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Pneumatic jig: effect of airflow, time and pulse rates on solid particle separation

  • M. A. A. AzizEmail author
  • K. Md. Isa
  • N. J. Miles
  • R. A. Rashid
Original Paper
  • 80 Downloads

Abstract

This paper aims to provide insights into the factors contributing to the efficiency of separation of solids particles in pneumatic jigging. A batch pneumatic jig was constructed at the University of Nottingham, UK, for solid waste recycling. Synthetic materials (density tracers), colour coded for density, were used as the bed materials in a series of experiments. The bed was analysed layer by layer using image analysis technique, utilizing colour difference among density tracers to calculate separation efficiency. In general, the pneumatic jigging movement depends on two important factors which are airflow rate and pulse rate. The former lifts the bed, and the latter creates intermittent air current. Airflow rate, pulse rate and time were studied to identify the significant parameters affecting separation efficiency in pneumatic jigging. Any changes in one of these parameters could influence separation efficiency. Process optimization was performed using Box–Behnken design to determine optimal conditions for obtaining high percentage of separation yield. Results from the software (Design-Expert® 7.1) suggested that optimal conditions could be attained at a pulse rate of 120 rotations per minute, time of 7 min and airflow rate of 30 cm/s, with the produced yield expected at 82.4%. Actual experiments generated a separation efficiency of greater than 80% by varying the tested parameters.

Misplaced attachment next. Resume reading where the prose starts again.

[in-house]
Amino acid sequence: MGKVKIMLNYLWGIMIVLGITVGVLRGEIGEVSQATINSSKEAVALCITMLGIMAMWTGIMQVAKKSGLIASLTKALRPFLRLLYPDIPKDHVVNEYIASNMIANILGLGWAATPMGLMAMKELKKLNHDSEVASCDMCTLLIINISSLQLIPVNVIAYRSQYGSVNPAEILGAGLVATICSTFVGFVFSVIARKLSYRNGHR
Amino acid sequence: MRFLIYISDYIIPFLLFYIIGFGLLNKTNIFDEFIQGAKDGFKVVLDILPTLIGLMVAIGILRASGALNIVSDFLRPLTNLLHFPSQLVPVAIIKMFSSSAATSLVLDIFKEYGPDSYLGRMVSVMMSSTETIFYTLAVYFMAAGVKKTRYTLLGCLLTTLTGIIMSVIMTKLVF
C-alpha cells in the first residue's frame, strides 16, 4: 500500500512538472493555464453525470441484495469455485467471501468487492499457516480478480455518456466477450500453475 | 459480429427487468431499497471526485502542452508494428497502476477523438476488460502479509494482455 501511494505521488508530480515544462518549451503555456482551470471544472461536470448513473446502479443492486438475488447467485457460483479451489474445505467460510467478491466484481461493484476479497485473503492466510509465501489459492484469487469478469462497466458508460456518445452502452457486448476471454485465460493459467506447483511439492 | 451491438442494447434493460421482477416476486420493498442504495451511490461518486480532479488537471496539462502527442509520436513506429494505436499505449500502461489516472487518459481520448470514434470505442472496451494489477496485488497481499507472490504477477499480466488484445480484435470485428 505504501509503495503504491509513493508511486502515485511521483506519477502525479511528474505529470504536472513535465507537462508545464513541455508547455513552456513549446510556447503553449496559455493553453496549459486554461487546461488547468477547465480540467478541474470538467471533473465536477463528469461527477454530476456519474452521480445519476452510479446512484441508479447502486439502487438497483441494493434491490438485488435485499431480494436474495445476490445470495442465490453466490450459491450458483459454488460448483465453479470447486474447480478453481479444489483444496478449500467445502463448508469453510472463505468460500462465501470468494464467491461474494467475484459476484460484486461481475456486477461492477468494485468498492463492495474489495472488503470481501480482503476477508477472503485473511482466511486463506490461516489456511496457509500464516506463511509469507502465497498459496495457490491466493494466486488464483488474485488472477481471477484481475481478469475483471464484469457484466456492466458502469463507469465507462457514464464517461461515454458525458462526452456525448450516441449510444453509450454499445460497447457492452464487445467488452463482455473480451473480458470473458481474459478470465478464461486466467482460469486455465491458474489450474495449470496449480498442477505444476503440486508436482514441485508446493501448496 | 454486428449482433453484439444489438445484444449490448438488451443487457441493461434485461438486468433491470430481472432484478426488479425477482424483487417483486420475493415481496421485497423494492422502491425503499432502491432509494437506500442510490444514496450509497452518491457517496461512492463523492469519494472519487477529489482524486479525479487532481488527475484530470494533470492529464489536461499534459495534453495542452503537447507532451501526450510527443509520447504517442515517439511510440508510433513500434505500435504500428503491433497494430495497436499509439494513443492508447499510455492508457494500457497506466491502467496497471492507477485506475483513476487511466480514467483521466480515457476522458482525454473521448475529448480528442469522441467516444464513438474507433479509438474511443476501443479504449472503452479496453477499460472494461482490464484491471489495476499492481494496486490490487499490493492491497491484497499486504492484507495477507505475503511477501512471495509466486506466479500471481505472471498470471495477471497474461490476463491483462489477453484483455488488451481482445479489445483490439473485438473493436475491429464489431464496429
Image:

Keywords

Pneumatic jig Solid particle separation Synthetic materials 

Notes

Acknowledgements

The author gratefully acknowledges the technical support of this work from The University of Nottingham, UK.

Compliance with ethical standards

Conflict of interest

This is a research-based work and does not have any conflict of interest.

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Copyright information

© Islamic Azad University (IAU) 2018

Authors and Affiliations

  1. 1.Faculty of Chemical Engineering and Natural ResourcesUniversiti Malaysia PahangGambang, KuantanMalaysia
  2. 2.School of Environmental EngineeringUniversiti Malaysia Perlis (UniMAP)ArauMalaysia
  3. 3.Centre of Excellence for Biomass Utilisation, School of Bioprocess EngineeringUniversiti Malaysia PerlisArauMalaysia
  4. 4.Process and Environmental Research Division, Faculty of EngineeringUniversity of NottinghamUniversity Park, NottinghamUK
  5. 5.Faculty of Languages and CommunicationUniversiti Sultan Zainal AbidinKuala NerusMalaysia

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